Once upon a time, as children’s stories usually begin, there was a brownie named Billie.  No, this is not a children’s fairy tale, but a story of a radio character called Billie the Brownie.  Although not a real person, he certainly was to children of that era, as real as their imagination and dreams could make him.

    2012 marks the 85th anniversary of his appearance in area newspapers and the beginning of a Christmas tradition for a generation of Milwaukee children.

    No story of Billie the Brownie would be complete without rekindling memories of Schusters Department stores and its famous Christmas Parade.

Palmer Cox

    Billie the Brownie was created in the art department by one of their unnamed artists.  This artist must have been familiar with the stories and pictures of Palmer Cox (28 April 1840 - 24 July 1924), as the first drawings of Billie closely resemble those of Mr. Cox’s brownies.

     The brownies were the invention of Cox who received his inspiration from the folk tales of the Scottish immigrants he listened to as a boy growing up in Granby, Canada.  He had a series of books published in the 1900’s featuring the antics of the little characters.

    Before we continue with the story of Billie, let’s explore a little bit of world of brownies.

Brownies, Elves and Dwarfs

    They have been around for hundreds of years and have gone under various names depending upon the country that are from.  In Celtic folklore they were associated with farm steads and were known to haunt the countryside.  They were known as elves in Germanic mythology.  They supposedly dwelt in forests, in the sea and in the air.  Richard Wagner wrote a series of operas with them living in the depths of the Rhine river.

    The brothers Grimm told many tales about eves and dwarfs.  In 1937, Walt Disney produced the first feature length cartoon about these little creatures, called ‘Snow White and the Seven Dwarfs’.  In Norway, they talked of trolls and gnomes, and in Ireland they believed in Leprechauns.  There were also fairies associated with these little people and were the center of Shakespeare’s ‘A Midsummer Night’s Dream’ and Ibsen’s ‘Peer Gynt’.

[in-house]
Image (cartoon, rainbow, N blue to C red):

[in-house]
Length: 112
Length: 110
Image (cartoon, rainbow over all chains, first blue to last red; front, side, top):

Closer to home elves are featured on the walls and in the windows of Usingers Famous Store on Old World Third street in Milwaukee, WI.

    Whatever the country or name they have been known as, they have come to be associated with Santa Claus and Christmas.

The Reindeer News

    Billie the Brownie was brought to life to publicize the Schuster’s Christmas Parade.  This he did both through the newspapers and on radio.  The name “Billie” was either a stroke of luck or brilliant planning on the part of Schusters.  No other name fit his character and personality as well.  Whatever the reason, I suspect it might have been chosen for its euphonious sound.

    Although Billie the Brownie became better known when he was given his own radio program in 1931, he first appeared as the Editor-in-Chief of something called ‘The Reindeer News’.  In the years before the radio program, these daily bulletins served the same purpose - that of informing Milwaukee area children of Santa’s return to Schusters Department store’s Toyland and the great Christmas Parade.